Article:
Pages

Tuesday, April 6, 2010

HELPING BABY BIRDS AND ANIMALS



Most of us have been faced with this awful choice: What should we do when we find a baby bird on the ground?

Has it fallen out? Been pushed out by the wind? WHAT SHOULD I DO?





If the little bird has no feathers or only a few and appears unable to stand or hop, try to return it to its nest. The parents will likely continue to care for it. Look around the bushes and trees for its nest. If you can't find it, you can affix a small basket to a limb and put the baby in the basket. Leaves and pine straw might make comfortable lining. Try to put this makeshift nest where it receives some shelter from sun and rain. In all cases, please make sure the baby is warm. You can warm it in your hands. The parents might push a cold baby back out of the nest. Bird parents DO NOT abandon a baby that has been handled by a human.


If the baby is feathered and standing and hopping around, but unable to fly, leave it alone and try to keep pets and predators away from it. This baby is probably a fledgling and should be on the ground. Returning it to its nest will cause it to have to make another flightless landing and it could be injured. The parents are probably near by and caring for the baby as it learns to fly. An expert on a Georgia birders' chat line noted that song birds learn to fly from the ground up and not from the tree down. They may remain on the ground for a few days before they can fly on their own. I have seen a father cardinal feeding his son, even when the "baby" was as big as the father, and able to fly. If you take away the baby, it leaves the parents frantically searching for it and the baby is much less likely to live, even with good care.


PLEASE check your boats, RVs, campers, etc., looking under covers and tarps for hidden bird nests. We have had nests of baby birds brought to us from vacation spots where they were discovered after many miles of travel. Imagine the wind, rain, etc. these little ones endured (if they DID endure) and the bewildered parents back at home looking for their nests! It is difficult, at best, to get any of these little guys to survive such an ordeal.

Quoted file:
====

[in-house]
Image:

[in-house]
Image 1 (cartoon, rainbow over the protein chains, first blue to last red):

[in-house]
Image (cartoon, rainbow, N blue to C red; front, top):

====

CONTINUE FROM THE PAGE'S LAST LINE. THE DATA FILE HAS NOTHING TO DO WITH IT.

Right now we are also seeing baby squirrels and bunnies. Please leave these babies for their parents to tend also; unless they are naked and helpless (eyes not open yet, etc.) DO keep your pets and other animals away from them, if possible. Moving them to a brushy area near where you found them might help. Even if they are very young, try to observe them for a while, maybe you will see a parent looking for them if you keep your distance and are quiet.
Does leave baby fawns alone for hours. They aren't abandoned. The fawns have almost no scent and stay where their mothers leave them until she comes back. This way they are safest from predators. Please observe from a distance and, again, try to keep other animals away. If you see the mother has been killed, however, or you need information for dealing with any orphaned wildlife, please visit this website: Atlanta Wild Animal Rescue Effort at www.awareone.org. If you live in other areas, please check under wild animal rescue, orphaned wildlife, etc. on the internet for help.

No comments:

Post a Comment